Today, we show, in collaboration with the group of Prof. Denis Headon at the University of Edinburgh’s Roslin Institute (Scotland), that genetic signaling between cells and mechanical processes combine in the bird skin to form a line of propagation, along which the feather buds develop. This causes the development of a very orderly hexagonal network of feathers. We also discovered that this wave of development does not exist in those birds, such as emus and ostriches, which have lost their ability to fly. These results are reported in the journal PLOS Biology.
A wave of development
Using innovative imaging methods, the scientists have analysed the early stages of feather development in several species of birds. “In ducks and chickens, we observed feather development arising in a line along the middle of the back (the dorsal midline), with rows of new feather buds added sequentially in a spreading wave and generatinga regular hexagonal pattern,” explains Michel Milinkovitch, professor in the Department of Genetics and Evolution in the Faculty of Sciences of the University of Geneva (UNIGE).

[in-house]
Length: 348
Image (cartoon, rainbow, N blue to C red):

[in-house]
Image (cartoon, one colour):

The researchers show that the patterning of bird feathers relies not only on two coupled pathways involving signaling molecules called fibroblast growth factor (FGF) and bone morphogenetic protein (BMP), but also involves the movement of cells in the dermis (mesenchymal cells) and a third pathway — EDA/EDAR signaling. The team found that the wave-motion is driven by EDA signalling and increasing cell densities.
The case of flightless birds
Surprisingly, the biologists discovered that in ostriches and emus, the wave does not occur. “We have observed that the absence of a developmental wave causes the feathers to arrange haphazardly,” explains Athanasia Tzika, Senior Researcher in the Department of Genetics and Evolution of UNIGE and co-author of the publication. “This is probably due to the absence, for many million years, of the ability to fly, weakening the selection for a highly-ordered pattern of feathers”.
Generating cool birds
One reason for studying the early development of feathers is because depth of plumage affects birds’ heat tolerance. Most commercial breeds of chickens have too many feathers to cope with very high temperatures. This is important for agriculture in low and middle income countries, many of which have tropical climates and an increasing demand for poultry. Experts are exploring the signals involved in feather formation with a view to developing breeds that are more heat resistant.
Video: A wave of feather formation spreading across the back of a chicken embryo. Each of the green spots will grow into a feather © William Ho, Roslin Institute.
Roslin Institute, The University of Edinburgh, Scotland